The Rangers look into their future and see Elvis Andrus, Ian Kinsler and Josh Hamilton serving a similar plate of havoc. Andrus had a combined 65 steals between 2009-2010. But he was caught 21 times.
In 2011, Andrus has successfully stolen 10 bases without being caught. He is batting .270 with 22 runs scored. If the offense can stay healthy (and Hamilton can get healthy), Andrus is a safe bet for 40 steals and 100 runs scored this year and for the future.
Michael Pineda, at 22 years old, was ready. The Mariners saw no reason to start him off in Triple-A if he was ready to go, and they proved right.
Through his first six major-league starts, Pineda has a 2.58 ERA, 1.070 WHIP and 9.2 K/9.
Pineda and fellow young star Felix Hernandez will keep the woeful Mariners' offense in enough games to give the team a chance to be decent.
Alex Rodriguez led baseball in home runs over the decade of the 2000s. Mike Stanton could do it in 2010s.
He came up last season and hit 22 homers in just 100 games for Florida. He has five so far in 2011. The bopper will likely never hit for a high average, but 40 home runs per year could become the norm.
In a team loaded with young talent, a future with Chris Coghlan (25), Logan Morrison (23), Stanton, Gaby Sanchez (27) and Hanley Ramirez (27), plus Josh Johnson (27) heading up a young rotation...this is a team capable of a run of division titles in this decade.
Fernando Rodney was never going to be the Angels' long-term closer. He was just a bridge to Walden. Turned out, Jordan was ready to go.
Walden allowed one earned run in 13 April appearances. He notched four saves and 12 strikeouts in 12.1 innings.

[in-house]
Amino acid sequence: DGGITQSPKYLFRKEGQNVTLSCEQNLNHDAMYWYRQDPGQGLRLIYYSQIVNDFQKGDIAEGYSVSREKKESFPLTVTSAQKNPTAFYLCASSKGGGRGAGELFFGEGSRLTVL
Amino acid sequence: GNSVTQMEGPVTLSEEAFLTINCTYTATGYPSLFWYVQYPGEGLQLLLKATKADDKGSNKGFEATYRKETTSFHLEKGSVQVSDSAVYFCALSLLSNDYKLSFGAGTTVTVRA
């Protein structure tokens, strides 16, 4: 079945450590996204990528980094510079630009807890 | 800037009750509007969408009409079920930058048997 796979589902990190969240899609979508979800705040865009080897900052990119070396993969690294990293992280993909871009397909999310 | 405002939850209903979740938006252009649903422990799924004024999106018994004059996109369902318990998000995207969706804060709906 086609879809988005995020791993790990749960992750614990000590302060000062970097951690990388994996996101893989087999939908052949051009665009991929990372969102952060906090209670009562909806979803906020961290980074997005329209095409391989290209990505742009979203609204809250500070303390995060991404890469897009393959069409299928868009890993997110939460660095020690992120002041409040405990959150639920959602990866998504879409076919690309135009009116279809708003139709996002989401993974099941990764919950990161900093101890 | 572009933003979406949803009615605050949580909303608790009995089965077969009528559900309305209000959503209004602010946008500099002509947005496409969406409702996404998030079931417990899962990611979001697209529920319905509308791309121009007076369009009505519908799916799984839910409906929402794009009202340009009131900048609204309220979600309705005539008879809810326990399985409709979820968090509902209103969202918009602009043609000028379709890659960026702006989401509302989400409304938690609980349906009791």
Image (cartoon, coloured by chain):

In 17 games, Walden now has an ERA of 2.20 and an impressive 8.3 K/9. On a team that struggles to score runs, Walden could see ample save chances and looks to be the new permanent closer for the Angels.
After a slow start to 2010, Latos ended the season with 184.2 innings and a 2.92 ERA with a 9.2 K/9.
And 2011 has seen another slow start and some injury trouble, but Latos pitches in one of the most pitcher-friendly ballparks in baseball, still is among the leaders in K/9 and is likely to rank among the best arms in baseball for years to come.
The only thing that could keep him from elite standing is the San Diego offense's ability to support him. Latos may have elite ERA, WHIP and K/9, but his win totals may never do him justice.
Trevor Cahill, at 22 years old, won 18 games with a 2.97 ERA and 1.108 WHIP. The knock on him was his lack of strikeouts. He had just a 5.4 K/9 rate.
Enter 23-year-old, 2011 version of Cahill. Through seven starts, Cahill is 5-0 with a 1.79 ERA. He has a 1.125 WHIP and look at that, 7.5 K/9.
In a rotation loaded with young talent, Cahill might just be the best of the bunch. Don't expect 180 strikeouts, but if he ends up around 7 K/9, Cahill could be a dark-horse Cy Young candidate.
It is easy to slide under the radar in Pittsburgh. A team that bad will barely allow for one superstar to get attention, and Andrew McCutchen has that covered.
In 102 games last season, Tabata batted .299 with 19 steals and 61 runs scored.
Include his 108 at-bats in 2011 and Tabata has 162-game averages of .285, 96 runs and 34 SB. With the Pirates quietly getting respectable, and Neil Walker and Pedro Alvarez capable of producing runs, Tabata could become one of the better left fielders in baseball very soon.
The Rangers knew, going into 2010, that Josh Hamilton, Nelson Cruz and Ian Kinsler would hit (when healthy).
But they never could have expected a 22-year-old closer would make the All-Star Game, win Rookie of the Year and play an integral part in an American League Championship.
Neftali Feliz threw 69.1 innings in 2010, with 2.73 ERA, 0.880 WHIP and 40 saves. Then he added a 1.23 ERA in seven games of the postseason.
Look for Feliz to be an elite closer for as long as he stays there. Moving him to the rotation would be a mistake of catastrophic proportions.
Ask me who will lead the 2010 decade in saves, and Kimbrel would be the first name I'd bet on.